Tag Archives: Observation

Missing the Point

“What do you think? There was a man who had two sons. He went to the first and said, ‘Son, go and work today in the vineyard.’

“‘I will not,’ he answered, but later he changed his mind and went.

“Then the father went to the other son and said the same thing. He answered, ‘I will, sir,’ but he did not go.

“Which of the two did what his father wanted?”
Matthew 21:28-31 (NIV)

Yesterday began the celebration of what’s known as “Holy Week” for those who follow Jesus. It’s the annual celebration of the last week of Jesus’ earthly life. The events themselves are dramatic. The week begins with he crowds welcoming Jesus to Jerusalem and shouting His praises. It will end with the same crowds screaming for His execution.

Upon arriving in Jerusalem, Jesus goes to the temple. The temple was the center of Jewish worship. It was where all Jews made pilgrimages to make sacrifices to atone for their sins as prescribed in the ancient laws of Moses. The temple was where the institutional religious leaders held sway in a racket that made them powerful and wealthy.

The temple had its own currency and it had an official line of sacrificial animals. Pilgrims who came to make their sacrifice first had to exchange their Roman currency for Temple currency, and the money changers made exorbitant profits in the exchange that lined the pockets of the powerful religious leaders. Poor pilgrims who brought their own animals for sacrifice would learn that their animals were unacceptable to the priests, and the priests would demand that they buy the temple’s own brand of official sacrifices. The priests and leaders had turned religion into a money-making machine that bilked the poor and the weak.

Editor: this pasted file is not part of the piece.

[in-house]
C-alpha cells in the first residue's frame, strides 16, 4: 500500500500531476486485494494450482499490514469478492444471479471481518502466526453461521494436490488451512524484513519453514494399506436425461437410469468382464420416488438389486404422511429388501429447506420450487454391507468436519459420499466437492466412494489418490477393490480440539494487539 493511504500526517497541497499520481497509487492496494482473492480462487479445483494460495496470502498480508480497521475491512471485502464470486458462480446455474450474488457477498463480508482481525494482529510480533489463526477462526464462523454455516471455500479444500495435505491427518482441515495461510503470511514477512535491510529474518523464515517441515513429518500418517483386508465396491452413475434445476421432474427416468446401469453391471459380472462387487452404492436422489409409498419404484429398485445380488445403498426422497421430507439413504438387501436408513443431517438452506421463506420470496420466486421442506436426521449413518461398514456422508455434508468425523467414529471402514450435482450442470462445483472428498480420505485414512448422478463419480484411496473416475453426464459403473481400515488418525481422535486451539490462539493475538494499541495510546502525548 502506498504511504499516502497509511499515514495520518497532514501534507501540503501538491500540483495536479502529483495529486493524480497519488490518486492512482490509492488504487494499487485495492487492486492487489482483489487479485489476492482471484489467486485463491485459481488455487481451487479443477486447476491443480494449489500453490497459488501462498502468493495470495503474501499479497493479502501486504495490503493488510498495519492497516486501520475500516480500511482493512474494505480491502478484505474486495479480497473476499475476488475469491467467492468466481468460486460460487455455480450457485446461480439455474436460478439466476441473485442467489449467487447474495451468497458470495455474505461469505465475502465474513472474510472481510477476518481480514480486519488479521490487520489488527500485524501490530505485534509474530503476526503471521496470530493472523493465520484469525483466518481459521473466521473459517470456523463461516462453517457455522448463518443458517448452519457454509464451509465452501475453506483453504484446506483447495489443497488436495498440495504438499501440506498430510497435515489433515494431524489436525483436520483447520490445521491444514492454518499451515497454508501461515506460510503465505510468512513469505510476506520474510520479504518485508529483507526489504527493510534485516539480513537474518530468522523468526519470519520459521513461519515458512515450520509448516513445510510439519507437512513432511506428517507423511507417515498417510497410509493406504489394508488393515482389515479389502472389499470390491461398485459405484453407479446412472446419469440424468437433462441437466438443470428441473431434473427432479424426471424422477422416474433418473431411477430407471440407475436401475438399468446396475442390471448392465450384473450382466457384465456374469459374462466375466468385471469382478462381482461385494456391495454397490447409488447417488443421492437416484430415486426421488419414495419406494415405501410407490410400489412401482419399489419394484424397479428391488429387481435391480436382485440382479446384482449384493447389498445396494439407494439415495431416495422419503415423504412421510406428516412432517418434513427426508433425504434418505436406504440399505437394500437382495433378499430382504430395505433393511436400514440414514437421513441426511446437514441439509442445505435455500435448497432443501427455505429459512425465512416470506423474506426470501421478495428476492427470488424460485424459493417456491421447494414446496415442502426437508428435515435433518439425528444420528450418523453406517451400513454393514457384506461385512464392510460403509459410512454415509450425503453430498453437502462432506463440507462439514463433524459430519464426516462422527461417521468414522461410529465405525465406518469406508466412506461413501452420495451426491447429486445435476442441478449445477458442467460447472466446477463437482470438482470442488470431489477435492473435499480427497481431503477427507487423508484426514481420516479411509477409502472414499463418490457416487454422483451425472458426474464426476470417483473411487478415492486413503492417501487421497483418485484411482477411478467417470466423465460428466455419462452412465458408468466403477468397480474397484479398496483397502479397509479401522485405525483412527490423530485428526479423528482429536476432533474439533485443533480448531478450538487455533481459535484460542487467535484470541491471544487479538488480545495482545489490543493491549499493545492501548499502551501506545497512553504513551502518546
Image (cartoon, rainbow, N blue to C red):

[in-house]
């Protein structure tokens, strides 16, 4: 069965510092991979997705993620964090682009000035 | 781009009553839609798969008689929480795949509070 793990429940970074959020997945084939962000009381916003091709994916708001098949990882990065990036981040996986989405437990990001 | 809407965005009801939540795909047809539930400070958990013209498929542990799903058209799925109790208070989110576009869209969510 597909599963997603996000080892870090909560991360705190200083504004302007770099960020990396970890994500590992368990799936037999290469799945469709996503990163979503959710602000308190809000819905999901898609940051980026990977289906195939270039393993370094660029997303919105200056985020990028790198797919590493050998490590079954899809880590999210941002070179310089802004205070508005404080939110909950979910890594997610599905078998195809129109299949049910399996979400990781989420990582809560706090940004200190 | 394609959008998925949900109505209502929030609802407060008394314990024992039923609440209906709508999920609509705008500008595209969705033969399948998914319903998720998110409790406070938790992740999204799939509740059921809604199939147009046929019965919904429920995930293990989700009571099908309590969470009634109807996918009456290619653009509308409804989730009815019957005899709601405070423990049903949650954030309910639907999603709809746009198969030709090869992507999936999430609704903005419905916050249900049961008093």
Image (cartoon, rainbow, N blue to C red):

So, Jesus begins His climactic week by overturning the money changer’s tables and setting the official sacrificial doves free in a provocative act of challenge to the powerful racketeering priests. It makes Jesus even more popular in the eyes of the marginalized and directly threatens the powers-that-be. The rest of today’s chapter is an account of the showdown between Jesus and the religious leaders who sent envoys with trick questions. Their plan is to trip Jesus up and give them reason to discredit or arrest Him.

In this showdown, Jesus gives another simple but powerful parable. Two sons are given a task. One initially refuses but eventually obeys. The other agrees but ends up not doing the task.

The message of the parable is clear. The priests were given the task of shepherding God’s people, but they ignored the task of love, mercy, grace, and forgiveness. Instead, they pursued judgment, greed, power, and self-aggrandizement. Jesus’ followers, on the other hand, were marginalized outsiders in the context of the religious hierarchy, yet they were actively pursuing Jesus’ teaching.

I am reminded this morning of our daughter emailing me from a missions trip in Africa some years ago. She was in a challenging situation with a highly dysfunctional team. Her team “leader” seemed interested only in sitting around the foreign resort area doing nothing all day. Taylor said the person on the team who acted the most like Jesus was the one member saying they didn’t even believe in God. It was Jesus’ parable come to life. Given the parallel to today’s chapter, I believe it quite possible that the atheist on Taylor’s team was closer to God than those who were the most religious.

Holy Week is chalk full of opportunity for religious services, religious acts, and religious observations. This morning I’m reminded that we easily turn our churches into a 21st century example of the temple in Jesus’ day.  We can dutifully attend services, take communion on Maundy Thursday, weep on Good Friday, and shout “Hallelujah!” on Easter morning in our best Easter dress. And, the whole time we can be ignoring the most important things Jesus’ asked of us.